Oily something on tabletop

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Forum topic by BrownTown posted 06-25-2016 03:08 AM 717 views 0 times favorited 4 replies Add to Favorites Watch
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2 posts in 1087 days

06-25-2016 03:08 AM

Topic tags/keywords: finishing oil water


First timer to the forums here, so please direct me in the proper etiquette in any way necessary.

I’m currently at the stage of finishing a tabletop composed of red oak for which I am being paid. I am going to be using General Finishes water based wood stain in antique oak, which I have used on past tables with great success. I am a garage worker so I use whatever materials are available. In this case I used some washed and reused shop rags (courtesy of the golf course I used to work at) as padding for the table top, as I had it flipped over on my portable bench for some work to be done on the backside. I’ve now flipped it over to prepare the top for finishing with multiple cycles of wetting to raise grain and sanding to smooth (120 grit) and the rags have left some distinct patches of something that is apparently oily. My concern is that these patches with be telegraphed into the water based stain finish. What can I do to ensure that this will not happen? A wiping of mineral spirits, or will my cycles of wetting/sanding take care of it? Any help or suggestions will be more than appreciated as I have about 85 hours into the entire table (nights/weekends) and I simply could not bear the idea of starting over.

Regards to any/all replies,

4 replies so far

View BurlyBob's profile


6212 posts in 2651 days

#1 posted 06-25-2016 03:11 AM

Perhaps acetone and clean rags, ones you know have not been contaminated with anything else.

View TheFridge's profile


10858 posts in 1872 days

#2 posted 06-25-2016 03:13 AM

I’d finish sand with at least 220. I’d start with wiping down the area with mineral spirits but I’m sure someone else might have a better idea.

Edit: acetone even better

-- Shooting down the walls of heartache. Bang bang. I am. The warrior.

View JBrow's profile


1368 posts in 1306 days

#3 posted 06-25-2016 04:32 AM


I was not clear to me from your post whether you have already wetted and sanded the surface and the spots remain or whether you were about to proceed but did not because your noticed the spots. If no surface work has been done to the top, then perhaps these are surface blemishes left by the rags. The rags have been washed and I assume the rags were dry, and, so it may be that the contaminant is on the surface and a little dry sanding will lift the spot. Otherwise…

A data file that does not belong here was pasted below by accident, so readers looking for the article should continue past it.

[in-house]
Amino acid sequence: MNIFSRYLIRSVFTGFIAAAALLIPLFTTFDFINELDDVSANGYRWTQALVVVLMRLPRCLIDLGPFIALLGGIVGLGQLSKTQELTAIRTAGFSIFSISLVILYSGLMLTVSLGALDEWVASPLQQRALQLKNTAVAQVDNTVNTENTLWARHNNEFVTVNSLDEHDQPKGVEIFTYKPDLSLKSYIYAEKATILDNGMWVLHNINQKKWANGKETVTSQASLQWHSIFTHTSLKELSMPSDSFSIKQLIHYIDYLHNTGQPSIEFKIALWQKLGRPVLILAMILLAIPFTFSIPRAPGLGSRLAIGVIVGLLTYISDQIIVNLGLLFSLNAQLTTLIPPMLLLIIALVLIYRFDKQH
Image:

I like the mineral spirits and acetone suggestions generally. Mineral spirits will dissolve oily substances like motor oil and grease from a golf cart that were not removed during laundering. Acetone can dissolve both water soluble and oil soluble substances. Then there is water which is sometimes called the universal solvent and can be good for dissolving soap residue.

My guess is that one of these three solvents may remove the contaminant. However, it seems to me you are now working in the dark; which solvent is best, what affect, if any, will the solvent have on the wood, what is the best method for effectively applying the solvent, how much solvent to apply and how many times to apply are all unknowns.

Given the time spent on the project, perhaps a little experimenting would be helpful. Placing four weighted scrap pieces oak on the rags used as padding will hopefully cause the contaminant to be transferred to the scrap. If it does transfer, raise the grain as you plan and apply a coat of finish to the scrap. If the spot disappears under the finish, then I would think the problem is solved. If not, using each of the three solvents on the remaining test pieces could reveal the amount of solvent required, whether it needs to soak into the wood, and how many times the process must be repeated to remove the spots. Since the table is oak, the contaminant may have penetrated to some depth into the wood. If this is the case, then several applications of solvent will probably be required to remove the contaminant because each application of solvent may only remove some fraction of the contaminant.

View BrownTown's profile


2 posts in 1087 days

#4 posted 06-26-2016 01:18 AM


Thank you for the replies. I was unfamiliar with acetone and its uses but I did do a little research and it will definitely be putting in the back pocket for future consideration. I also performed a few tests to replicate the situation as per the recommendation by JBrow. The mineral spirits worked to remove the patches but I did not like the color tone produced after staining. I let the mineral spirits dry for about 2 hours but maybe longer would have been better. Nonetheless, the test where I continued through the wetting/sanding process worked the best. I then took that to the actual workpiece, and I see no indication of the patches. Hopefully it’s not just smoke and mirrors. Unless there is anything else I might be missing, I’ll leave y’all alone and thank you for the input.

Thanks again,

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